One question that's been bugging me all these years: the elaborate color codes for characters. Avatars of Vishnu are colored blue, as is Shiva (because of drinking poison, right, hence 'neelkantha'), but occasionally, so are dark-skinned mortals. Aside from these, high-caste/noble individuals are so light-skinned as to be indistinguishable from Europeans.

Do I have this breakdown right? And how was the blue-skinned iconography established? After all, in the Ramayana for example, Ram is colored blue, but obviously he didn't do any poison-drinking I can recall. I'm guessing it's just a visual code to set him apart and remind the reader that he's an incarnation of Vishnu.
posted by junebug at 10:00 AM on March 3, 2008


No retcons!
posted by klangklangston at 10:16 AM on March 3, 2008


You know junebug, I've wanted to know that for ages as well. If nobody pops by with an answer it might be a cool AskMe question.
posted by nickyskye at 10:18 AM on March 3, 2008


junebug> One question that's been bugging me all these years: the elaborate color codes for characters. Avatars of Vishnu are colored blue, as is Shiva (because of drinking poison, right, hence 'neelkantha'), but occasionally, so are dark-skinned mortals. Aside from these, high-caste/noble individuals are so light-skinned as to be indistinguishable from Europeans.

Do I have this breakdown right? And how was the blue-skinned iconography established? After all, in the Ramayana for example, Ram is colored blue, but obviously he didn't do any poison-drinking I can recall. I'm guessing it's just a visual code to set him apart and remind the reader that he's an incarnation of Vishnu.


First of all, not all avatars of Vishnu are colored blue (some of them aren't even human). Vamana, Parashurama, and Buddha have "normal" skin tones.

Vishnu himself is described in the scriptures as having blue skin -- this is why paintings of him which predate the ACK comics usually depict him as being blue.

As for the ACK comics, they have much worse art than I remembered. I think that this is true of nearly all of the comics and animation I enjoyed as a kid, but anyway. For those of you who have never read any of these, I highly recommend Chanakya, the story of a Machiavelli-type figure. The stylized artwork holds up fairly well, and the story is great. You'll wonder how they got away with marketing it to schoolchildren.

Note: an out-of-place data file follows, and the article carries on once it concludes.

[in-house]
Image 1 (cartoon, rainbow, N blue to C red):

And junebug, as a Hindu growing up in Hyde Park, I used to go to the Chicago Vedanta center all the time as well. I loved that place.
posted by UrineSoakedRube at 10:45 AM on March 3, 2008


see also
posted by jcruelty at 10:45 AM on March 3, 2008


and yes, most of what i know of hindu mythology i picked up from reading these as a kid!
posted by jcruelty at 10:46 AM on March 3, 2008


and why da rakshas always DARKIES? ain't that a bit racialist?
posted by jcruelty at 10:47 AM on March 3, 2008


Oh god, I have stacks of these sitting upstairs in my room back home. I also have a couple Chanakya comics. I'm surprised nobody's mentioned Tinkle. If Amar Chitra Kata introduced Indian kids to Hindu mythology, then Tinkle comics introduced them to folktales.
posted by theiconoclast31 at 11:00 AM on March 3, 2008 [1 favorite]


I always thought 'Tinkle' was 'ACK' marketed to younger readers, though I might be wrong on that.

As for the color codes: blue - still don't know what to make of it. Obviously, Krishna is traditionally depicted as blue, but as for Ram, I've seen him depicted in Indian art both as blue and light-skinned.

The Sanskrit 'rama' means 'dark' or 'black,' which would tie into the occasional 'ACK' use of blue to depict dark-skinned individuals. That way, Ram could be depicted as 'dark' while setting him apart from presumably low-caste or unwholesome characters (jcruelty, I think, has picked up on a fairly unfortunate element of Indian 'Fair and Lowely' culture as expressed in 'ACK' and other Indian visual media). That's my idea, which admittedly is speculative.

An aside: I found it completely trippy when Ram meets Parashurama. Avatar #6 meets avatar #7. Imagine the implications!
posted by junebug at 11:40 AM on March 3, 2008


Oh YAY! what a lovely thread this is turning out to be. Thanks guys.

jcruelty
, Thanks for the previous link to infini's excellent previous post on ACK. Cannot believe I missed that.